“Beautiful pianism with wonderful tone; very sensitive to nuances, voicing and atmosphere; intelligent, energetic and never heavy-handed.” (The Independent)
     Italian pianist Federico Colli is internationally recognised for his intelligent, imaginative interpretations and impeccable technique, praised for his ‘crystalline brilliance and translucence that takes you to the heart of everything he plays.’ (Gramophone)
     Federico first came to prominence after winning the Salzburg Mozart Competition in 2011 and the Leeds International Piano Competition in 2012. Since then, he has been performing with orchestras including the Mariinsky Orchestra, St. Petersburg Philharmonic, Accademia Nazionale di Santa Cecilia, RAI National Symphony, BBC Symphony, Royal Scottish National, RTÉ National Symphony, Royal Liverpool Philharmonic, Hallé Orchestra, Philharmonia Orchestra, Vienna Chamber, Camerata Salzburg, Klassische Philharmonie Bonn, Polish Radio National Symphony, Philharmonie Zuidnederland, Pomeriggi Musicali Orchestra, Orchestra della Toscana, National Philharmonic of Ukraine and Orquestra Sinfônica Brasileira; at venues such as the Vienna Musikverein and Konzerthaus, Berlin Konzerthaus, Munich Herkulessaal, Hamburg Laeiszhalle, Beethovenhalle Bonn, NDR Landesfunkhaus in Hannover, Amsterdam Concertgebouw, Muziekgebouw Eindhoven,  Barbican Hall, Queen Elizabeth Hall, Glasgow Royal Concert Hall, Usher Hall in Edinburgh, Liverpool Philharmonic Hall, Dublin National Concert Hall, Salle Cortot in Paris, Rudolfinum Dvorak Hall in Prague, Auditorium Parco della Musica in Rome, Teatro degli Arcimboldi in Milan, Lingotto in Turin, Philharmonic Concert Hall in Warsaw, Teatro Municipal in Rio de Janeiro and the Mariinsky Concert Hall in St Petersburg.
     Federico has worked with esteemed conductors including Valery Gergiev, Yuri Temirkanov, Vladimir Ashkenazy, Vasily Petrenko, Juraj Valčuha, Thomas Søndergård, Alan Buribayev, Joji Hattori, Jasper Kaspszyk, Ed Spanjaard, Roman Kofman, Alpesh Chauhan, Sir Mark Elder and Dennis Russel Davies.
     Further afield he performed at the Hong Kong City Hall Concert Hall, Sala Nezahualcoyotl in Mexico City with the Orquesta Filarmonica de la UNAM under Pier Carlo Orizio and he toured Japan giving performances at Nikkei Hall, Musashino Concert Hall and Bunka Kaikan in Tokyo, and the Performing Arts Center in Hyogo.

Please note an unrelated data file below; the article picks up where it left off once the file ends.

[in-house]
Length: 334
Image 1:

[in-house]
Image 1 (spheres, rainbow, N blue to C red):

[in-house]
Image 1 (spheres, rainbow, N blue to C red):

Federico records exclusively for Chandos Records, with whom he will release his first disc in May 2018 of sonatas by Domenico Scarlatti. This will be followed by a disc of Bach and Bach-Busoni. To coincide with his debut at the Southbank Centre’s International Piano Series in April 2014, Federico’s debut solo CD, produced by Champs Hill Records, was released to great critical acclaim, featuring works by Beethoven, Scriabin and Mussorgsky. BBC Music Magazine wrote of the disc ‘Colli’s captivating ability to illuminate even the most densely packed musical terrain emerges as a structure of supreme logic, propelled rather than merely embellished by mystical ripplings and flutterings’.
     Performing Rachmaninov’s Piano Concerto No. 3, he made his London concerto debut with the BBC Symphony Orchestra under Sakari Oramo, about which The Times wrote ‘played with formidable delicacy by Federico Colli, with limpid tone and calligraphic phrasing. Colli takes care to seduce before sweeping the listener off his or her feet’.
     Recent recitals include Rio de Janeiro City of Arts, Sociedad Filarmonica of Bilbao, Southbank Centre International Piano Series, Southampton Turner Sims, LSO St Luke’s, Società dei Concerti in Milan, Ferrara Musica and Musica Insieme Bologna; with festival appearances at the Eilat Chamber Music Festival, Ruhr Piano Festival, MiTo Settembre Musica, Brescia and Bergamo International Piano Festival, Hong Kong Joy of Music, Dvorak Prague and Duszniki International Chopin Piano Festival.